Bevacizumab for Hormone-Refractory Prostate Cancer
Name of the Trial
Phase III Randomized Study of Docetaxel and Prednisone With Versus Without Bevacizumab in Patients With Hormone-Refractory Metastatic Adenocarcinoma of the Prostate (CALGB-90401). See the protocol summary.
Dr. William K. Kelly, Cancer and Leukemia Group B.
Why This Trial Is Important
At initial diagnosis, most cases of prostate cancer are "hormone dependent," meaning they require androgens (male sex hormones) to grow. Hormone-dependent prostate cancer is often treated with therapies aimed at depriving the cancer of the needed hormones. Although initially effective, these "hormonal therapies" eventually fail because prostate cancers ultimately develop the ability to grow in the absence of androgens. Such cancers are called androgen-independent or hormone-refractory prostate cancers.
In this trial, men with hormone-refractory prostate cancer that has spread (metastasized) will receive standard chemotherapy with the drugs docetaxel and prednisone. Half of the participants will be randomly assigned to additionally receive treatment with a monoclonal antibody called bevacizumab.
Bevacizumab blocks the activity of a protein called vascular endothelial growth factor (VEGF). Many cancers use VEGF to help form the new blood vessels they need for continued growth. Furthermore, high levels of VEGF in the blood and urine of patients with hormone-refractory prostate cancer have been found to indicate a reduced likelihood of survival.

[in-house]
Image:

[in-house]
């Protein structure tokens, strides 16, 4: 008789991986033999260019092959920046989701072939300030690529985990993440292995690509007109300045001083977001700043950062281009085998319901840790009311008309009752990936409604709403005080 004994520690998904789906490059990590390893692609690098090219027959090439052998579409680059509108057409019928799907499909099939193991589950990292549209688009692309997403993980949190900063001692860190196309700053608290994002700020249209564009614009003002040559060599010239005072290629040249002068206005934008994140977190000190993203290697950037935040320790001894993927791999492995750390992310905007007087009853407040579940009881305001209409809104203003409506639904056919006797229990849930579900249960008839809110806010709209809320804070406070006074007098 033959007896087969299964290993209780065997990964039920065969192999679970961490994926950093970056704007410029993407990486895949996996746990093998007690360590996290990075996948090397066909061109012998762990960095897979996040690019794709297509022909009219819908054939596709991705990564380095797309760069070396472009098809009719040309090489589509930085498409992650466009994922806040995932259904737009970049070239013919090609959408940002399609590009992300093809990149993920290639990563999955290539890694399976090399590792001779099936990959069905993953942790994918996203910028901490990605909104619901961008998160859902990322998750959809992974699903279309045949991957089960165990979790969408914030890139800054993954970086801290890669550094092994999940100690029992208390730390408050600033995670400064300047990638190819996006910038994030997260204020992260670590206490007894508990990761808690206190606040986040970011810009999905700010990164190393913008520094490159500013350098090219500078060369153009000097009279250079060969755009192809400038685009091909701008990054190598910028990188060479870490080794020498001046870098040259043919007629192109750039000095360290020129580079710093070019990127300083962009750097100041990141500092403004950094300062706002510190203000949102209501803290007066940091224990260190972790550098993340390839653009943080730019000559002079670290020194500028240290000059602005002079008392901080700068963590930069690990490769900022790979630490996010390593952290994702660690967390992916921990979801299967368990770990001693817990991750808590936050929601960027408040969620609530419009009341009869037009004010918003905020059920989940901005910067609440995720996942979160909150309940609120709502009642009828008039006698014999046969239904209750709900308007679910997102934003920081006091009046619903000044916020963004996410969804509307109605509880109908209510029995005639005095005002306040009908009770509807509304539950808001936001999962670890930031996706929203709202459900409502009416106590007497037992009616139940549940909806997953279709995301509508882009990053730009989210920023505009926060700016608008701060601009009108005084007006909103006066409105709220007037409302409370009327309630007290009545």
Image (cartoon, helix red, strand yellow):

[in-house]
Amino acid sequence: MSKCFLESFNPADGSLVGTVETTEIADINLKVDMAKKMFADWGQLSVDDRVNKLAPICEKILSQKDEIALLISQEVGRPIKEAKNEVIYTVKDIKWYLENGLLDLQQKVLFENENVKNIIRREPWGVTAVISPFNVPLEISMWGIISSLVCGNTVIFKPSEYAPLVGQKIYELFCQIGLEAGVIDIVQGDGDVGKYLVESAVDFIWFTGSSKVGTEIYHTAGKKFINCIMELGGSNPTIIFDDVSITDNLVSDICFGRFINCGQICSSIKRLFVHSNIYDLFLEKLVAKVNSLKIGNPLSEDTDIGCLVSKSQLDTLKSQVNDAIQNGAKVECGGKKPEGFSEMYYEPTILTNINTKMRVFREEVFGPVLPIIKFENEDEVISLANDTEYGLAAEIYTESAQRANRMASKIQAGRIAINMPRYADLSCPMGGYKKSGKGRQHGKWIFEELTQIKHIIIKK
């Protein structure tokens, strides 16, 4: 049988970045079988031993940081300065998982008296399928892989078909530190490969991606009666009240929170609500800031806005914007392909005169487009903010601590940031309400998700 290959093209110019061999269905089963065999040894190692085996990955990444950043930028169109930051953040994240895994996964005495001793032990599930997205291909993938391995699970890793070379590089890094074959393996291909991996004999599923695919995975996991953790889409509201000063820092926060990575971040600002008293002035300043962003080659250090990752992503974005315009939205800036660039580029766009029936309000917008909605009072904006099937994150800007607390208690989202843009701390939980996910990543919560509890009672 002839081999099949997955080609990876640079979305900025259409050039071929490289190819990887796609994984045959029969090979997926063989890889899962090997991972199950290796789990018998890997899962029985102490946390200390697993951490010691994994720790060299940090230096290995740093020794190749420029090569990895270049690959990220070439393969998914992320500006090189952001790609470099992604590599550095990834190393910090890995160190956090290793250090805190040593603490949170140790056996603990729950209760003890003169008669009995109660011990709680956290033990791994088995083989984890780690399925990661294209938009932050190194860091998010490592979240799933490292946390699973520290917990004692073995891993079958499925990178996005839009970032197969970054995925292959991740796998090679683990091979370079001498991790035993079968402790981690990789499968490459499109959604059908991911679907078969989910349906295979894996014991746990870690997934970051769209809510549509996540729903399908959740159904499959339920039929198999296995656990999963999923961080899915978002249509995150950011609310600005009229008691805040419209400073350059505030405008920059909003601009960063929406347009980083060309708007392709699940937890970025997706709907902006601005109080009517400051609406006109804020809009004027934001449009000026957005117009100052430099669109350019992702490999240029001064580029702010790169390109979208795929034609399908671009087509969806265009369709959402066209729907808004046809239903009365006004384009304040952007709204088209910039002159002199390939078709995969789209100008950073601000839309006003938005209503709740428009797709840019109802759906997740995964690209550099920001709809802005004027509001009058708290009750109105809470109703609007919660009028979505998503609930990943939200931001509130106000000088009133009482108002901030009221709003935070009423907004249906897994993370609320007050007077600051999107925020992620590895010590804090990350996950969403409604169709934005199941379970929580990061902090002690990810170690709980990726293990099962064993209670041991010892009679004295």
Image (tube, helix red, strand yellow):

"A previous phase II clinical trial that combined docetaxel and bevacizumab resulted in improved outcomes over historical controls," said Dr. Kelly. "This phase III trial will answer the question of whether adding bevacizumab to docetaxel and prednisone actually does improve survival over the current standard of care."
This clinical trial is no longer accepting new patients. To find other clinical trials for prostate cancer, search the NCI database of clinical trials or call the NCI's Cancer Information Service at 1-800-4-CANCER (1-800-422-6237) for more information. The toll-free call is confidential.